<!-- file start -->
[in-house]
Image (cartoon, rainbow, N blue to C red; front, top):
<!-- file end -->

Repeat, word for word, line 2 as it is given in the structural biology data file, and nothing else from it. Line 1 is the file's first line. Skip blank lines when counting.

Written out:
Image (cartoon, rainbow, N blue to C red; front, top):